Understanding wage theft can be a complex issue, and sometimes it might be difficult to tell if you’re a victim. But losing out on money isn’t an option. Our New York attorneys are ready to help pursue your wage and employment concerns. Here are some of the common laws in New York that might be affecting you, and how you can seek justice.
Overtime Law in New York
Eligible employees must receive overtime compensation (1.5 times their regular rate) when working more than 40 hours in a week, according to the Fair Labor Standards Act. Some workers may be exempt from overtime pay under NY overtime law. For more information about overtime laws in New York, visit the New York Department of Labor’s labor standards page.
New York Minimum Wage and Meal Periods
Effective January 1, 2017, the minimum wage in New York is $9.70 per hour. This could be higher or lower depending on your location in the state.
However, the minimum wage may be modified based on a number of factors. For instance, waiters and waitresses, who make at least $1.50 per hour in tips, may receive a minimum wage of $7.50 per hour. Other service workers may be subject to different rates specified within a Wage Order, which considers the different aspects of each occupation or industry.
Employees working at least a 6-hour shift (which begins before 11 a.m. and continues until 2 p.m.) must receive a 30-minute lunch period between this time frame.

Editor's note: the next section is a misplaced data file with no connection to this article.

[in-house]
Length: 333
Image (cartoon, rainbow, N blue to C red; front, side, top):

Pay Rate and Payday Notices
Effective Oct. 26, 2009, employers in New York must give new hires a written notice of their pay rate and paydays. This notice must be provided before the newly hired employee performs any work.
If the worker is eligible for overtime, the notice must also include the worker’s overtime rate. Most employees must receive overtime pay at 1.5 times their regular rate of pay for all hours worked over 40 in a given week. Certain occupations, such as professionals and farmworkers, are exempt from overtime pay under certain circumstances.
Employers may create their own forms when creating these notices for new hires.
Employer Recordkeeping Requirements
New York employers must keep the following information on file for each employee:
- Social security number
- Rate of pay
- Hours worked per day and week
- Gross and net wages
- Number of units produced (for piece rate workers)
Do You Think You’re a Victim of Wage Theft?
Navigating the complex channels of overtime and wage and hour law in New York can be difficult, and in a state considered very friendly to the worker, you may be entitled to more than you think. Our attorneys might be able to help you investigate and file your claim. Fill out our free, no-risk case evaluation if you think you’ve lost out.